The Language of Beer

Anyone who has attempted to speak a foreign language, especially during adulthood, has encountered the phenomenon of language-as-thought:
For example, the Australian Aboriginal language Guugu Yimithirr doesn’t use egocentric coördinates like “left,” “right,” “in front of,” or “behind.” Instead, speakers use only the cardinal directions. They don’t have left and right legs but north and south legs, which become east and west legs upon turning ninety degrees. Among the Wakashan Indians of the Pacific Northwest, a grammatically correct sentence can’t be formed without providing what linguists refer to as “evidentiality,” inflecting the verb to indicate whether you are speaking from direct experience, inference, conjecture, or hearsay. 
Each language is a reflection of the world as seen by the speakers of that language. As I was reading that captivating article (one of the rare New Yorker pieces posted online in its entirety), an analogy occurred to me.  Beer styles are a bit like language.  Of course, culture in general is, too--cuisine, art, religion, all these things have their own vernacular.  Cultures don't possess different hardware, but the software of culture makes one group like unspiced boiled meats and another fiery curries.  I know I often chalk love of different styles up to an unexamined sense of culture: eh, the Bavarians love their helleses, what are you going to do?

By chance, I had just been writing about Bavarian dunkel lagers, and noticed that Americans on BeerAdvocate weren't smitten.  Not a single dunkel gets a rating of even 4.0.  The analogy of language later presented itself, and I now think it's a pretty good one.  When a culture develops a proclivity for a certain thing, it simultaneously becomes blind to dissimilar things.  When IPA-lovin' Americans get ahold of a dunkel, they don't know what to make of it.  They judge it against their own preferences and, of course, it comes up wanting.  (One can imagine that in an alternate universe where Bavarians dominated a version of BeerAdvocate, the double IPAs and imperial stouts would score dismally.)   But this is the thing--Americans don't speak the language of dunkel lagers.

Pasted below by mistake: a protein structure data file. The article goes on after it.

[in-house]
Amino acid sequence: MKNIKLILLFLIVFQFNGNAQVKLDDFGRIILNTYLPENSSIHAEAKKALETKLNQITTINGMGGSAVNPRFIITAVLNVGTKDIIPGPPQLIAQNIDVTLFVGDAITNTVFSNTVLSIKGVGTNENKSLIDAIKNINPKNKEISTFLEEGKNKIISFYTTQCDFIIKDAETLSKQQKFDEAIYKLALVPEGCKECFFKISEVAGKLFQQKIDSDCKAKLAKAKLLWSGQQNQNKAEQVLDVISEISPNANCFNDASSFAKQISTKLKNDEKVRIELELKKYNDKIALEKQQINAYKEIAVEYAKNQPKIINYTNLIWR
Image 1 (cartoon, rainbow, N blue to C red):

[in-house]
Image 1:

How do you learn to speak the language of a different beer style?  Dunkels are a good example.  Ostensibly a style with little range, they could be taken to be an undifferentiated blah style.  Not, however, if you travel around Bavaria and try, say two dozen of them.  Probably ten of those will be undifferentiated blah--that's a pretty standard proportion for any style.  Some will be actively poor, but some will be excellent and, wonder of wonders, as your palate becomes attuned to them, you will begin to understand the differences between these excellent lagers.  They will become vivid to you.  (It really helps if you talk to brewers, too, for they will speak in forceful terms about what makes a good dunkel lager.  It will differ from what the guy down the road says, and it will really differ from what the guy in the next country says.  And in that way, you will further appreciate the distinctiveness of the style.)

I will go so far as to say that if you don't enjoy a style, you're probably not speaking its language.  (Mainly I'll go that far to see if I can provoke some dispute.)  Beers can be bad, but styles not so much.  They have stood the test of time and found converts.  If you encounter a style, you are by definition finding a constituency.  I have spoken to a number of people around the world who don't like American hoppy beers.  It's not that they don't like certain beers; they just think we're idiots who are making a mockery of a fine art.  It's the same thing as Americans who don't speak dunkel. 

So, the next time you feel the inclination to dismiss a style (as I have often wished to do with helles bocks), think of the sea of people who have, for decades, slugged it back joyfully.  What is this strange language they speak, and where do I learn the vocabulary?
Jeff Alworth10 Comments